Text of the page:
Some people are probably horrified to learn that I have voodoo in my pocket. Why would I want to mess around with that stuff? Most  would simply think I’m nuts to even believe in it. Wait, I never said I believed in it, and besides, Miss Kathy explained that no belief is necessary for it to be effective. “What – you believe that?”

Look, I’m just walking around with an odd Christmas present in my pocket. Now and then I remove it to let someone take a whiff.

Eventually, she says, my gris-gris will lose its power. At that point I can return it to her and she’ll recharge it or I can destroy it. She gives instructions:

“Please don’t burn it or cut it up. The best way is to throw it in water running away from you, with a few words of thanks or farewell.”

If you ever catch me me tossing something from the south side of the Main Street bridge, you’ll know my voodoo is gone.

  • Front.little Ball
    Fayette's Demetrious Whiteside (left)Skylar Lester attempt to keep the ball from going out of bounds during Morenci's recent basketball tournament for fourth and fifth grade teams. Morenci's Andrew Schmidt stands by.
  • Front.tug
    MORENCI pep rallies generally end with a tug of war. The senior class entry, shown above, did not advance to the finals. Griffin Grieder, Alaina Webster, Kyle Long and Jazmin Smith are shown at the front of the rope, giving it their best effort.
  • Accident
    FAYETTE resident Patricia Stambaugh, 64, was declared dead on the scene of a single-vehicle accident Friday morning south of Morenci. Rescue units were called around 9 a.m., but as of Tuesday, law enforcement officers had not yet determined the time of the accident. According to Ohio State Highway Patrol, Stambaugh was driving west on U.S. 20 when her Chevrolet Malibu traveled off the north side of the road and down a steep embankment, coming to rest in Bean Creek (Tiffin River).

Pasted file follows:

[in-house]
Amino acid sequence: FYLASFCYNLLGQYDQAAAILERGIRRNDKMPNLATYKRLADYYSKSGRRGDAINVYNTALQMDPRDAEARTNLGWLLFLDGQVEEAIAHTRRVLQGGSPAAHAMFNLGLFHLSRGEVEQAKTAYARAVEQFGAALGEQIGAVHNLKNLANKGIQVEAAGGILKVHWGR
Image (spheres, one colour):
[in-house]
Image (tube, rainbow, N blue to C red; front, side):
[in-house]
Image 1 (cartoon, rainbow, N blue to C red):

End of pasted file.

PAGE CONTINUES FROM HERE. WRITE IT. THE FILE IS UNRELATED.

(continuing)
• Athletic Fields
    SPORTS COMPLEX—Fayette’s outdoor athletic facilities will include three ball fields for summer recreation leagues at the southwest corner of the school. The baseball and softball fields, along with the running track, will be constructed on the east side of the school. Outdoor athletic fields were not part of the new school project from 2007, but voters approved a $1.4 million levy for a school addition and the sports fields last August. Both projects are scheduled to be complete by July 20.
  • Front.teacher Leading
    PRESCHOOL MUSIC—Fayette band director Jeffrey Dunford spends the last half hour of the day leading the full-day preschool class in musical activities. Additional photos are on page 7 of this week’s Observer.
  • Front.F.band
    TROMBONISTS Jake Myers (left) and Max Baker perform Friday at the annual Senior Citizens Luncheon at Fayette High School. The National Honor Society and the FFA chapter teamed up to serve a meal to area seniors and to provide musical entertainment. Both the school band and choir performed. Additional photos are on page 7 of this week’s Observer.
  • Front.poles
    MOVING EAST—Utility workers continue their slow progress east along U.S. 20 south of Morenci. New electrical poles are put in place before wiring is moved into place.

Weekly newspaper serving SE Michigan and NW Ohio - State Line Observer ©2006-2017